There are moments of awkwardness here and there, sequences wherein Polansky seems unsure how to go about establishing this thing or that - when it is not the world that trips him up, it is descriptions of the physical characteristics of certain characters - but otherwise the author equips himself remarkably. I had much more fundamental complaints with Scott Lynch's debut, for instance; the same goes for Mark Charan Newton's... even The Blade Itself. With The Straight Razor Cure, Polansky steps straight up to the plate - and with such style!

Whose style that is, exactly, is as yet open to debate. I don't make a habit of making arbitrary comparisons, but add to the three authors already aforementioned in this review the likes of Joe Hill, Tim Lebbon, China Mieville and Jeff Vandermeer... I could go on, too. The Straight Razor Cure reminded me throughout of other - not necessarily better - books, recollecting Perdido Street Station in one marginal aspect as another brought thoughts of The Lies of Locke Lamora. All of which is to say: I don't know that Polansky has as yet come upon his own unique voice. Rather the author draws liberally from the canon of noirish fantasy, appropriating elements from a range of stand-out talents and conjoining them into something almost unrecognisable.

In that last, however, Polansky makes the vast majority of his influences his own. And in any case mine is a minor complaint. Otherwise, The Straight Razor Cure - Low Town to you yanks - seems a darkly sparkling specimen. When one considers that this thrilling murder mystery represents the author's very first flush, its sundry strengths come to far outweigh its fleeting weaknesses. Now that the worldbuilding is done, and the cast of untrustworthy characters established, I can only delight in imagining what Polansky means to do with them next.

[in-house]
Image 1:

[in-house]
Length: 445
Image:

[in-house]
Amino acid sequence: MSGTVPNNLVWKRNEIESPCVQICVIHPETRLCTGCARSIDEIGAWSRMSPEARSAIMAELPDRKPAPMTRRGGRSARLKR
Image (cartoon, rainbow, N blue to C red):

The low-down on Low Town, then: it is practically masterful.


The Straight Razor Cure / Low Town
by Daniel Polansky

UK Publication: August 2011, Hodder
US Publication: August 2011, Del Rey

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1 comment:

  1. The author recently contacted me and said he was going to send me a copy in the mail. Your review is great, and really pumped me up to get my hands on it. I kind of always expect first-author books to have some minor hiccups in the flow of things, like you mentioned above. However, it looks like the whole compensates for any minor road bumps one might run into along the way. I'm really excited about this! Great review.